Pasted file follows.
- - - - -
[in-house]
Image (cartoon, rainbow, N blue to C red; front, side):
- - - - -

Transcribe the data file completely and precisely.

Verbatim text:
[in-house]
Image (cartoon, rainbow, N blue to C red; front, side):